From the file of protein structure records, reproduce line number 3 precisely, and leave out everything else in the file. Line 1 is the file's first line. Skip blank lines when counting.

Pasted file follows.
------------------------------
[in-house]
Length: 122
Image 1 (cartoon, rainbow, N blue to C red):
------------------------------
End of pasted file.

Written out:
Image 1 (cartoon, rainbow, N blue to C red):